How Accurate is The Casting? – The Hollywood Reporter

Andrew Dominik’s Blonde is a reimagining of the true story of Marilyn Monroe’s (Ana de Armas) rise to fame in Hollywood during the 1950s and ’60s. Throughout the film, Dominik explores the split between the late Hollywood legend’s public and private lives.

The movie touches on various aspects of the icon’s life, including her childhood as Norma Jeane Baker and her rise to stardom after adopting the stage name of “Marilyn Monroe.” In the midst of climbing her way to the top of Hollywood, Blonde also shows Monroe’s struggles with her love life, exploitation, abuse of power and drug addiction.

The debut trailer for Blonde shows de Armas’ Monroe struggling to continue the façade of the Hollywood starlet she created. “I’ve played Marilyn Monroe, Marilyn Monroe, Marilyn Monroe,” de Armas is heard saying over the montage that shows her character struggling with the effects of her public image. “I can’t face doing another scene with Marilyn Monroe.”

As the trailer continues, de Armas insists that she is not the Hollywood starlet and is instead Norma Jeane. “Marilyn doesn’t exist,” de Armas insists. “When I come out of my dressing room, I’m Norma Jeane. I’m still here when the camera is rolling. Marilyn Monroe only exists on the screen.”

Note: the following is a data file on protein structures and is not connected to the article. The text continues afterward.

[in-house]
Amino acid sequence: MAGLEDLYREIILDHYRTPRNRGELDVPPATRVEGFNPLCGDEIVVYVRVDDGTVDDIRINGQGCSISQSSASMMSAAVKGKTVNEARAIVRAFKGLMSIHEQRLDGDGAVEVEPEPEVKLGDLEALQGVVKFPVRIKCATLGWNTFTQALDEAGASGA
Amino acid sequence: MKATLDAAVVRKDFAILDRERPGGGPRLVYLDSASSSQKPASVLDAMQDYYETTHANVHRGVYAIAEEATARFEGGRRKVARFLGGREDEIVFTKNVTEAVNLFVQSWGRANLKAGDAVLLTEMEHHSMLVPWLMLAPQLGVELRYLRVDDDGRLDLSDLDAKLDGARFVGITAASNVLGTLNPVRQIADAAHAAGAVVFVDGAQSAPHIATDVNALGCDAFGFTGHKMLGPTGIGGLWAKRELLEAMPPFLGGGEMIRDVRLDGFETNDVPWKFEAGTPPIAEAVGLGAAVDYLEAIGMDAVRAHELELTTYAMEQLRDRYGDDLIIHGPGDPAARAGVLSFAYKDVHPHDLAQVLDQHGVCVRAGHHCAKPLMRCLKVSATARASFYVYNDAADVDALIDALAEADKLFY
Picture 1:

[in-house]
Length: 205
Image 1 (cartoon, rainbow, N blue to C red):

In addition to directing, Dominik also wrote the film’s screenplay based on Joyce Carol Oates’ 2000 biographical fiction novel of the same name..

Many of the characters in the film are based on real people, which gave the cast plenty of inspiration for crafting the project.

De Armas leads the cast that’s also made up of Adrien Brody, Bobby Cannavale, Xavier Samuel, Julianne Nicholson, Caspar Phillipson, Toby Huss, David Warshofsky, Evan Williams and Michael Masini.

Blonde was produced by Brad Pitt, Dede Gardner, Jeremy Kleiner, Tracey Landon and Scott Robertson.

The film, which is rated NC-17, is expected to show Monroe’s life in an intimate and vulnerable way. “I think if I’m given the choice, I’d rather go and see the NC-17 version of the Marilyn Monroe story. Because we know that her life was on the edge, clearly, from the way it ended,” Doiminik told Vulture about the movie’s rating.

The biographical drama premiered at the Venice Film Festival on Sept. 8 — earning a 14-minute standing ovation — before it becomes available to stream on Netflix on Sept. 28. (Read The Hollywood Reporter’s review of the film here.)

Read on to find out who is playing whom in the film and how the cast prepared to play their real-life counterparts.

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